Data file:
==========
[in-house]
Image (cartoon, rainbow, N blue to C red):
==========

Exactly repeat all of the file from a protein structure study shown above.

[in-house]
Image (cartoon, rainbow, N blue to C red):